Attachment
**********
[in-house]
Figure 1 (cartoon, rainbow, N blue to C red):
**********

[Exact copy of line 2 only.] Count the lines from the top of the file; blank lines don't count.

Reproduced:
Figure 1 (cartoon, rainbow, N blue to C red):